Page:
Fighting has broken out over the future of Libya’s largest oil field, as forces loyal to the UN-recognised Tripoli-based government battle Libyan National Army (LNA) forces led by Field Marshal Khalifa Haftar, the leading figure in fractured Libya’s east.
Al-Sharara field, 560 miles south of Tripoli, is capable of producing 315,000 barrels of crude a day – about a third of Libya’s total current output. But it has been closed by the Libyan National Oil Corporation (NOC) since December when the installation was seized by local tribes demanding the Tripoli government did more to lift the area out of poverty.
The fighting has the potential to disrupt the UN’s long prepared plans to convene a national conference, possibly next month, that is supposed to lead to either parliamentary or presidential elections and a new constitution. No date or venue for the conference has been set by the UN, which is still trying to win an agreement on those attending the meeting and the broad agenda.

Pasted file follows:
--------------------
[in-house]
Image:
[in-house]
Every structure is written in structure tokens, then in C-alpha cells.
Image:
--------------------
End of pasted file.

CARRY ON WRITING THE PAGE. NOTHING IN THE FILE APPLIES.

Haftar forces, already in control of large tracts of Libyan oil including in the “oil crescent” in the north, moved south last month in what was billed as an operation to push out terrorists and militias.
An LNA spokesman, Lt Gen Ali Suleiman Muhammad claimed on Wednesday that Haftar’s forces had seized al-Shara oil fields largely without a fight, in conjunction with the forces that had previously controlled the field.
This was later contradicted by other local reports that suggested five people had been killed and 16 injured in the fighting.
Via The Guardian